Seaqaqa’s stick man

Amir Ali on stilts during a Labasa carnival. Picture: SUPPLIED

Amir Ali is hardly a giant but if there’s a celebration and the mood is jovial, he towers above everyone. Stilt walking is a hobby the 61-year-old took up as a teenager and continues to flaunt to this day.

While many of us possess poor balancing skills and have an intense fear of heights, Amir Ali makes his stilted act look so easy. When required to walk on stilts, two wooden poles with footrests help elevate him to stand several metres above the ground.

Though such stints are exhibited mostly during social events, it is not always the case for the sexagenarian. Ali grew up in Vunileka, a few kilometres outside Labasa town.

He dropped out of Vunileka Primary School when he was only eight. In search of greener pastures, his struggling family had to relocate to the district of Seaqaqa. “My father sold our land and we moved to Seaqaqa,” he reminisced..

“The land was on a hilly mountain so growing crops was difficult and our family was big, there were 12 of us. “We had a small plantation but that was not enough to sustain our big family. When we came to Seaqaqa there was no school so I couldn’t continue my education.”

Ali said Seaqaqa was a different place in 1969. The area was just one very big jungle.

“So in 1976 we got a sugar cane contract and started planting. My brothers and I continue to plant sugar cane, vegetables and root crops.

“During that time only one bus would go from Seaqaqa to Labasa. It would leave in the morning and return in the evening. It was in 1972, when Ali and his mates decided to watch a film in Labasa town, that his journey of stick walking began.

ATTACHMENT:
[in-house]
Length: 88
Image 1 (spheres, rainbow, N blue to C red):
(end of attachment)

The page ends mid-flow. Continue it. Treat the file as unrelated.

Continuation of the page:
“They had white cloth (at the movies) and light projecting on the sheet and the movie was playing. I remember seeing in the movie men walking on tall sticks. “I can’t recall the name of the film but there were mostly Chinese men in it.

“After I saw the movie, an idea formed in my mind as I went home and in two days I made two tall walking poles for myself.

“On the third day, I started practicing how to walk (on stilts) and by the grace of Allah I have never fallen while walking till this day.”

Ali was a 14-year-old teenager when he started his new found hobby. Since then he has enjoyed the thrill it offered.

“I have also taught my son and I always train on it at least once or twice a week. Walking on stilts is not only a hobby to show off during social gatherings and celebrations. Sometimes Ali does it to ‘get around’.

“From my house the Masjid is almost half a kilometre away so when it rains a lot I use the sticks to walk to the Masjid.

“So there is no need to wash my legs, I go to the Masjid, read my Namaz, get back on the sticks and walk back home.”

Ali said he has crossed Labasa Town numerous times, stilt walking in front of more than 20,000 people. He donated the money he earned from his performances to charity.

“The money that I have earned from entertaining crowds, I have distributed to the needy and to some schools whose children have no shoes, bagd or good clothes. “One thing I’ve learnt in life is that doing good deeds will take a man a long way in life.”

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